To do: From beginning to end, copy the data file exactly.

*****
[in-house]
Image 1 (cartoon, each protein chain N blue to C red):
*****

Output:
[in-house]
Image 1 (cartoon, each protein chain N blue to C red):